6 Fig.5: Table 6: Error Source Uncertainty (%Flow) Name & Symbol 100% 25% 12.5% 10% Combined Uncertainty Coverage Factor (95%) Expanded Combined Uncertainty 0.40% 0.41% 0.56% 0.73% % 0.82% 1.12% 1.46% Once the sensitivity coefficients have been calculated, the uncertainty contributions and overall uncertainties can be evaluated. This can be done on a spreadsheet such as the one shown below. If the uncertainty contributions are plotted on a bar chart as shown below, the significant contributors to the uncertainty can be identified. Fig. 6: Table 5: Error Source Uncertainty Contribution (%Flow) Name & Symbol 100% 25% 12.5% 10% Pipe Diameter Bore Diameter Differential Pressure 7.08E E E E E E E E E E E E05 Density 1.00E E E E06 Discharge Coefficient 1.41E E E E05 Fig. 7: Sum of Squares Combined Uncertainty 1.63E E E E % 0.41% 0.56% 0.73% The combined uncertainty shown above is a standard uncertainty (68% confidence interval). To determine the uncertainty for a larger confidence interval, the standard uncertainty must be multiplied by the appropriate coverage factor as shown in Table 6. In the figures above, it can be seen that the uncertainty 6 Copyright 2014 by ASME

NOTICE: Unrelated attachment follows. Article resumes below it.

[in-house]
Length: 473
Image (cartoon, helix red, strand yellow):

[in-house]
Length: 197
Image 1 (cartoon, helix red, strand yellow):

7 contribution of pipe diameter, which is relatively insignificant at 0.5 beta, becomes more significant at the higher beta of In the charts above, it is also obvious that the differential pressure uncertainty contribution becomes increasingly more significant at higher flow turndown (i.e. the ratio of max flow to min flow, such as 10:1). In the case of high flow turndown, the overall measurement uncertainty can be reduced at lower flows by utilizing a DP transmitter which has an uncertainty specification in % of reading rather than % of span. two transmitters of different ranges (a high range and a low range), however this adds additional complexity in terms of installation and electrical connections. It also illustrates that for small flow turndowns, the selection of the DP transmitter is not as critical as for larger turndowns. Fig. 10: Fig. 8: Although the transmitter with a % reading uncertainty specification still has a slight dependency on the DP as a percentage of URL, it is greatly reduced. The following chart illustrates the difference over a 14:1 flow turndown. Fig. 9: DIFFERENTIAL PRESSURE FLOW APPLICATION  AVERAGING PITOT TUBE EXAMPLE The following example will look at an Averaging Pitot Tube installation and how it will differ from an orifice plate installation. The standard differential pressure flow equation for mass flow through an averaging pitot [2] is: 2 (SI Units) (11) Where; Q m K D = Mass flow Rate (kg/s) = Meter Flow Coefficient (dimensionless) = Gas Expansion Factor (dimensionless) = Pipe Diameter (m) f = fluid density (kg/m 3 ) p = differential pressure (Pa) When this comparison is extended to the overall measurement uncertainty, it illustrates (Fig. 10) the large reduction in measurement uncertainty that can be achieved in large turndown flow measurement applications by careful selection of the DP transmitter. Similar results can be achieved by using For liquid applications, 1, and, so for volumetric liquid measurement the above equation can be written as: 2 (12) This equation is much more straightforward to differentiate than the orifice equation, as it does not contain the velocity of 7 Copyright 2014 by ASME